Genetics For Dummies, 3rd Edition
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Genetics is a complex field with lots of details to keep straight. But when you get a handle on some key terms and concepts, including the structure of DNA and the laws of inheritance, you can start putting the pieces together for a better understanding of genetics.

The Scientific Language of Genetics

From chromosomes to DNA to dominant and recessive alleles, learning the language of genetics is equivalent to learning the subject itself. The following key terms are guaranteed to appear frequently in your study of all things genetic:

  • Alleles: Alternative versions of a gene
  • Autosomal chromosome: A non-sex chromosome
  • Chromosome: A linear or circular strand composed of DNA that contains genes
  • Diploid: An organism with two copies of each chromosome
  • DNA: Deoxyribonucleic acid; the molecule that carries genetic information
  • Dominant: An allele or phenotype that completely masks a recessive allele or phenotype
  • Gene: The fundamental unit of heredity; a specific section of DNA within a chromosome that codes for a specific protein
  • Genotype: The genetic makeup of an individual; the allele(s) possessed at a given locus
  • Heterozygote: An individual with two different alleles of a given gene or locus
  • Homozygote: An individual with two identical alleles of a given gene or locus
  • Locus: A specific location on a chromosome
  • Phenotype: The physical characteristics of an individual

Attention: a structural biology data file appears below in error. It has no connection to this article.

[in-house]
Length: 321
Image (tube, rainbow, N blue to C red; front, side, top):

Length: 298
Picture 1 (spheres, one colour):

• Recessive: An allele or phenotype that is masked by a dominant allele or phenotype; recessive traits are exhibited only when an individual has two recessive alleles at the same locus or gene

The Structure of the Cell Nucleus and Its Chromosomes

If you could open the nucleus of a cell and peek inside, you’d find chromosomes — the strands of DNA where genes reside. This figure helps you see how all chromosomes, DNA, and genes relate to one another.

cell nucleus

Mendel’s Laws of Inheritance

Genetic inheritance boils down to three simple concepts put forth by Gregor Mendel, a humble monk and part-time scientist who founded the entire discipline of genetics. However, it is important to note that there are always exceptions to these rules. The three laws of inheritance include:

  • Segregation: In diploid organisms, chromosome pairs (and their alleles) are separated into individual gametes (eggs or sperm) to transmit genetic information to offspring.
  • Dominance: A dominant allele completely masks the effects of a recessive allele. A dominant allele produces the same phenotype in heterozygotes and in homozygotes.
  • Independent assortment: Alleles on different chromosomes are distributed randomly to individual gametes.

The Structure of DNA

DNA is made up of long chains of nucleotides. To make a complete DNA molecule, single nucleotides join to make chains that come together as matched pairs and form long double strands. Each nucleotide is composed of the following:

  • A five-sided (pentose) sugar called deoxyribose
  • A phosphate
  • One of four nitrogen-rich bases: adenine, guanine, cytosine, or thymine